In 2007 I met Nancy Dickinson, who was at the time director of User Experience at Ebay. Nancy occupied an important role, and was a leader within the UX design community, a group that stood out as one of Silicon Valley’s most influential – and which stole some of the spotlight from developers. More than four years on, the concept of user-centered web design has come from San Francisco to Europe, arriving first in London and Scandinavia, and then in France. Like the other capitals, Paris now has its own UX community groups, and many Parisian businesses are integrating user experience leads into their organisations.
But what, at the root, does “User Experience Design” really mean?
Simply put, user experience consists in considering end-users first, instead of focusing on the client’s needs alone. Doing this implies using a variety of methods to analyze users behaviors and understand their needs and expectations. This understanding guides the design of digital experiences that make people’s lives easier and better.
This approach gave birth to the concept of “user experience design”. Stéphane Vial, in his “Short Treatise on Design” (1) defines it as “a design that is lived, felt, experienced. The user feels its effect immediately because his experience is instantly transformed, improved and augmented.” In short, this design approach has a dual ambition: to go beyond the formal and functional value to the user, and to impose a culture of change within businesses by making listening to the user a core value.
Despite its value and subtlety, the “user first” approach can be difficult to install within an organisation, as it runs counter to two dominant business cultures:
- First is the “creative” culture, a product of consumer culture and its handmaidens, marketing and advertisement. In this model, very few “creatives” are responsible for the design, and the “storytelling” rests in the hands of communication agencies.
- The second obstacle is technological culture, where the product dominated by engineers and developers. New technologies or products are often launched with an excess of functions, either because features have not been prioritized according to user needs, or in order to create platform lock-in.
Whether the creative or technological approach dominates, it is self-centered and usually imposed by one or two of a client’s departments, or else by a forceful contractor. Design is done by committee and then – maybe – tested. The end-user is thus made to adapt to the product or technology they are given. These top-down models were central to the economic development of the 20th century’s latter half, but the overabundance of choice introduced by the Internet is revealing their limitations.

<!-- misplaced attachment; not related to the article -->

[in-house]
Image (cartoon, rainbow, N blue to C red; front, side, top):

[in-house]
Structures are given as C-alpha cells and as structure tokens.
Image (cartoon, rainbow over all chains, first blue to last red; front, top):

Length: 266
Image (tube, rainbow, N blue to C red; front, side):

The culture of user experience offers a new way to overcome the limits of old approaches and, far from being a passing fashion, has become a crucial process in designing web and mobile products. A recent study (2) on e-business investments in the US shows that UX is likely to become one of the biggest budget items for digital actors, surpassing SEO, mobile app development and more in the years to come.
Integrating a user-centered approach has three competitive advantages that can’t be ignored:
1. In a time of overabundant choice, our digital behaviors remain poorly understood. A discipline privileging the analysis of our motivations and apprehensions can help us better discern our needs.
2. This discipline is based on a central value: that ease of use is a key success factor in digital products. It prefers easy, understandable user flows, usable layouts and ease of interaction to visual effect or feature creep.
3. Last but not least, “UX culture” – unlike marketing or technical approaches – is well adapted to projects that mobilise many departments or impact an entire enterprise.
By integrating the user’s perspective before conceiving a product, user-centered design helps build shared vision, accelerate internal decision making and shorten product launch times, all of which add up to a sustainable competitive advantage. Welcome to the UX era!
(1) Stéphane Vial, Court traité du design [Short Treatise on Design], Paris, PUF, 2010.
(2) Endeca Study: 2011 B2C survey
Illustrations by Mathieu Avons